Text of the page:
Some snakes have instant appeal, though why it is not always easy to explain. For most snake keepers there is something about brightly coloured snakes such as the tricoloured milksnakes, also bright green snakes, and the same can be said for glossy jet black snakes such as the Indigo snake Drymachon corais couperi, and its more affordable counterpart the Mexican Black Kingsnake L. g. nigritus.
In terms of keeping and breeding, the Mexican Black Kingsnake is a breeze compared to the Indigo snake. Only recently Paul F.O'Connor stated in the Vivarium magazine (Vol.3, No.3) that Eastern Indigo snakes require a high level of maintenance in captivity. So, if you don’t fancy the expense and challenge of such demanding snakes but still like and want to keep glossy black snakes of a moderate adult size, you can opt for a cheaper and easier to keep and breed alternative in the Mexican Black Kingsnake.
You don’t see many adult Mexican Black Kingsnakes for sale, but like the rest of the getulus group, hatchlings are fairly common and not expensive, now they retail at around £30 to £50 each. With this particular subspecies the young are generally robust (as are the adults) and feed readily on defrosted pink mice once the neonate slough has taken place a week or so after hatching. They grow quickly and maturity may be reached in two years, although three years is probably the norm. Being terrestrial snakes they don’t require elaborate vivarium's and can be maintained in plastic boxes either on a heated shelf system or within a heated vivarium until they require a larger fauna box or vivarium by their second or third year. A substrate of newspaper or paper towelling is adequate, and a small plastic tube will provide a suitable hide. To complete the set-up a bowl of drinking water is all that is required. The temperature range for this subspecies in captivity is 26°C to 28°C during the day, falling to 22°C and 24°C overnight. In line with modern reptile husbandry heating needs only to be applied to one end of the plastic box or vivarium so that a thermal gradient is achieved and the snake can find its own ideal level of temperature within its environment. Like all kingsnakes and milksnakes they should be housed individually to avoid any accidents of a cannibalistic nature, and I doubt that I need to stress this as the feeding habits and dietary preferences of the Lampropeltis group are well documented.
The natural range of the Mexican Black Kingsnake is Western Sonora and Northwestern Sinaloa (Markel, 1990). Like other members of this group they are known to integrate with other subspecies where ranges overlap. As the Mexican Black Kingsnake is typically black all over, save for a few small cream markings ventrally, hybrids should be easily picked out from any markings they might display. They should not be confused with the Black Kingsnake, L. g. niger, (which has a very faint pattern of speckles similar to L. g. holbrooki) or the Black Milksnake, L. triangulum gaigeae, whose young are tricoloured (red with black-edged narrow yellowish bands) and turn black with maturity. Adult Black Milksnakes also have golden-coloured skin between the scales which distinguish them from Mexican Black Kingsnakes.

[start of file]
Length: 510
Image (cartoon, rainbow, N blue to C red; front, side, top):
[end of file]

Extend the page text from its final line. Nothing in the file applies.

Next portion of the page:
For breeding purposes, adults will need a period during which they are cooled down. Two to three months at temperature of between 12°C and 15°C should suffice, but the induction of this cool period should be gradual so that the temperature falls by a few degrees C per day over a course of one to two weeks, and prior to this food should not have been consumed by the snakes for at least two weeks. After the cooling down period the temperature can gradually be raised, and once the snakes have been warm for a few days (with a minimum overnight temperature of 20°C) feeding can recommence.
Initial breeding responses vary; some pairs may be introduced and mating takes place almost immediately following a brief courtship, the male crawling over the female’s back after first seizing her head or neck in his mouth. If the female is ready to mate, she will lie quite still while the male’s body rubs against hers until their cloacae are aligned and one of his two hemipenes inserted. Once ejaculation has occurred, the pair will part. Non-receptive females behave differently, they will flee from the male and coil up their body and attempt to hide their tail end (often while ‘rattling’ the tail) to prevent copulation. If the male succeeds in getting among the female’s coils, she may exude a cream coloured fluid from glands within the cloaca and the odour from this fluid is usually sufficient to deter the male from pursuing her. If this is the case it may take a number of introductions before copulation takes place. It is advisable to separate the pair after each introduction whether mating takes place or not. Once the female considers that she has mated sufficient times she may again exhibit the non-receptive behaviour described above. It is usually better to wait until the female has sloughed for the first time following the cooling down period, the scent of a freshly sloughed female often arouses the male and mating will almost certainly take place at some stage after this.